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'Big Night': Eat It Up

By Rita Kempley
Washington Post Staff Writer
September 27, 1996

"Big Night," a scrumptious tale of great food and grand passions, belongs on the menu with such mouth-watering movie fare as "Babette's Feast" and "Like Water for Chocolate." Built around a pants-ripping pig-out at a failing New Jersey trattoria, this endearing romantic dramedy concerns a pair of Italian brothers in pursuit of the American Dream.

Tony Shalhoub and Stanley Tucci, regulars on TV's "Wings" and "Murder One" respectively, are ideally teamed as the bickering Pilaggi brothers, who are torn between their devotion to each other and their differing ideals as they make one last-ditch effort to save their restaurant.

Though hard-working and talented, Primo (Shalhoub) and Secondo (Tucci) have made a tactical error: Their quest to introduce fine Italian cuisine to America in the '50s is decades ahead of its time. While business has yet to build to a trickle at the Pilaggis' quaint Paradise eatery, the beautiful people pack into Pascal's, a spaghetti palace just across the street.

Pascal (Ian Holm), a viperish businessman, caters to his customers' backward tastes in food and furnishings: He serves meatballs to meatballs at tables with red-checked cloths while in the background, a brunette in a bullet bra butchers "O Sole Mio." "The rape of cuisine occurs there night after night," proclaims Primo, a brilliant chef who has yet to learn that his competition is Chef Boyardee. Secondo, the more practical Pilaggi, admires Pascal's savvy and wants to Americanize the menu -- maybe even eliminate risotto -- to compete with Spaghettis R Us. But Primo, the Rossini of risotto, refuses to compromise his artistry and the Paradise continues to hemorrhage.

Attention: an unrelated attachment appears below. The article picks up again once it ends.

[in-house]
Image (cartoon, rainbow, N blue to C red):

In desperation, Secondo seeks advice from Pascal, who comes up with a surprisingly selfless plan to save the Paradise. He'll invite his good friend, bandleader Louis Prima, to dine at the Paradise and make sure the New York press is there to cover the event.

Determined to win Prima's patronage, the brothers put all their financial resources and culinary skills into creating a sumptuous, six-course banquet of 24 dishes. While Primo and his dutiful kitchen assistant (salsa star Marc Anthony) are absorbed in feverish preparations, Secondo picks up the flowers and after a clandestine rendezvous with Pascal's mistress, Gabriella (Isabella Rossellini), the discounted liquor.

Though it's clear that Secondo and Gabriella's affair is ongoing, sex is relegated to the back burner on this occasion. Food, which is traditionally linked to sex in fiction, serves as neither carnal substitute nor aphrodisiac. As with "Babette's Feast," fine food is akin to worship. "To eat good food is to be close to God," Primo observes.

Though his comment is addressed to the pretty florist (Allison Janney) for whom he pines, Primo seems to believe that only a crumb would eat in bed. Still, he manages to charm the florist with his Old World ways. The Pilaggi brothers invented charm -- or maybe it was the Italians -- and they exude the stuff the way some men sweat bullets. It's nice that the film's females -- even back in the Dark Ages -- are drawn but not addicted to it.

Gabriella, knowing and seductive, clearly thinks of him as something of a between-meal snack. If she represents the Old World, then Secondo's American sweetheart (Minnie Driver), fresh and earnest, is the New. And the handsome Italian's inability to choose between the two is representative of his dilemma: Does he pack up and go back to Calabria with Primo or allow the metamorphosis to continue?

"Big Night," which Tucci directed with Campbell Scott (who plays a Cadillac salesman) and wrote with cousin Joseph Tropiano, offers no definitive answers to the questions it poses. The characters, so genuinely portrayed, drive the story to its end, but not to its obvious conclusion. For all anybody knows, they might still be there on the Jersey shore dreaming of turning Americans on to crostini with goat cheese.

Big Night is rated R for sexual content.

© Copyright 1996 The Washington Post Company

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